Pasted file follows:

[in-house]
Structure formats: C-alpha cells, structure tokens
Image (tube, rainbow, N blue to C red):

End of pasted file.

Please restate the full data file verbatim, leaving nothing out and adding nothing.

[in-house]
Structure formats: C-alpha cells, structure tokens
Image (tube, rainbow, N blue to C red):